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Parenting During College Admissions – Our Top Tips!

College admissions is a stressful time for the entire family. Seniors are anxious about starting a new chapter of their lives and leaving the comforts of home behind. Parents are equally worried about sending their children off into the world, hoping that they have prepared them well over the past 17 years.

 

But before families can see their children off, they must first get through the admissions process. Increasingly, parents are taking a much deeper role in the process — some for better and some for worse. Below are some tips on what the parents’ role should and should not be in the next few months.

 

1 – Guide your child in choosing colleges that would be a great fit, but don’t force your child to only apply to schools that you like. Emphasizing rank and brand might cause your child to react negatively to the pressure.

 

2- Read over your child’s essays and give tips, but do not write or rewrite the essays. A teenager’s voice is distinctly different from a parent’s voice. Colleges want to hear from the students about what is important to them, and admissions officers are very savvy about distinguishing essays written by parents and those written by students.

 

3 – Drive your child to an interview or college visit, but let them take control once you arrive. If your child is interviewing with a local alumnus or admissions officer, refrain from introducing yourself or even going into the interview location. When visiting colleges as they come to your school or town, encourage your child to talk to the presenters.

 

4 – If you have questions that can only be answered by an admissions office, have your child call. It helps the student to develop the ability to speak to adults and to take control of the admissions process. Do not call the admissions office every day with questions that can be answered by perusing the website.

 

5 – Students will need to ask their teachers for letters of recommendations. It’s not appropriate for parents to ask on their behalf.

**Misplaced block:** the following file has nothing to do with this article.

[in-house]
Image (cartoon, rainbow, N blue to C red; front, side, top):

6 – Remind your children about due dates and help them manage the process, but don’t micromanage them. Doing so will cause undue stress for everyone.

 

7 – Do not request letters of recommendations from family friends because of their connections if they truly have not had significant interaction with your child.

 

8 – Be ambitious yet realistic in expectations. Support your children in applying to schools they really love, even though they may be a little (or much) harder to get into. Make sure, though, the list is balanced so that there are options in April.

 

9 – Don’t compare your students to others. Seniors are as stressed as they can be right now, and comparisons to other children can only make them feel inferior.

 

10 – Celebrate all successes. Every acceptance is cause for celebration, even if it is a safety school. This will give your child confidence as the other decisions come.

 

While applying to college is a means to an end, it is a learning process nonetheless. Your children are learning to be an adult and you are learning to let them be more independent. Your support and words of encouragement can make all the difference.

 

In a few months, essays, applications, interviews, and supplements will be a distant memory, but the relationship you build and the bounds you establish now can last a lifetime.

 

 

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  • I took an Insight SAT Boot Camp, and afterward I got 1570 on the SAT! 800 in MATH!

  • It was the best experience ever! Purvi is so friendly and she really knows her stuff. She helped me to edit my personal statements for UCs.

  • My counselor paid attention to every detail & she made me feel more relaxed & confident. The result was good, I got into UC Berkeley!

  • Purvi’s expertise & guidance  helped our daughter get accepted to schools of her choice, one actually offered a full scholarship!

  • We had a wonderful experience. Purvi helped our son structure his thoughts that helped him write stellar college application essays.   

  • My daughter’s Insight counselor was extremely helpful not only in devising the overall College Plan for her but also helped in educating us – the parents – on the process.

  • We were extremely happy throughout the process – got much more than what we invested in Insight counseling.

  • For my college application process, I enrolled in Virtual Insight Counseling from Texas. I spoke with my counselor regularly and without any trouble; I was obtaining the best college coaching I could have possibly asked for. Not only did Insight assist me in transforming my essays but also assisted me in finding the college which fit me best.

  • From their knowledge of all the colleges and resources, professionalism and the hands on coaching, Insight Education has raised the bar for any college admissions counseling company.

  • Were it not for them, I don’t think that I would have chosen a school that matches my needs and goals.

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